Females can be distinguished from those of I. mcclementsorum  and I. sigillatum  by the absence of reinforced, sclerotised ridges on the abdomen (Figs 220, 223; cf. Figs 299, 302, 365, 368); from I. formosum  and I. mcnamarai  by the size of the SP4 sclerites, which are not significantly larger than the SP2 sclerites (Fig. 223; cf. Figs 162, 324); and from I. jarrah  by the slightly larger size of the SP3 and SP4 sclerites (Fig. 223; cf. Fig. 245) [NB. females of I. gardneri  , I. gutharuka  and I. incomptum  are unknown].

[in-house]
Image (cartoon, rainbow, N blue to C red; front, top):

This species can also be distinguished from I. corrugatum  (from the Eyre Peninsula of South Australia) by the shape of the prolateral clasping spurs on the male tibia I, which are oriented longitudinally (Fig. 214; cf. Fig. 109), and by the shape of the female eye group, which is broadly trapezoidal (Fig. 222; cf. Fig. 117).

Description (male holotype).